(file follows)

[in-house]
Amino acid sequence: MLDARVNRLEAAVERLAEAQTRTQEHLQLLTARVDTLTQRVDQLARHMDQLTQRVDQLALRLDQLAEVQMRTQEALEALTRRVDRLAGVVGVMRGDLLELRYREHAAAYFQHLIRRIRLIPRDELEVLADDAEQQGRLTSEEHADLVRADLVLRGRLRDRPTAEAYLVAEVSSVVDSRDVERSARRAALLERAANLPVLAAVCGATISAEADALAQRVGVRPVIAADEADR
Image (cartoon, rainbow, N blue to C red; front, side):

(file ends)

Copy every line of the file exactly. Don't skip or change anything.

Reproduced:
[in-house]
Amino acid sequence: MLDARVNRLEAAVERLAEAQTRTQEHLQLLTARVDTLTQRVDQLARHMDQLTQRVDQLALRLDQLAEVQMRTQEALEALTRRVDRLAGVVGVMRGDLLELRYREHAAAYFQHLIRRIRLIPRDELEVLADDAEQQGRLTSEEHADLVRADLVLRGRLRDRPTAEAYLVAEVSSVVDSRDVERSARRAALLERAANLPVLAAVCGATISAEADALAQRVGVRPVIAADEADR
Image (cartoon, rainbow, N blue to C red; front, side):